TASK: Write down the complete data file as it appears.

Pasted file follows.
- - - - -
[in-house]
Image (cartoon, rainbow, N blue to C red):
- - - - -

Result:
[in-house]
Image (cartoon, rainbow, N blue to C red):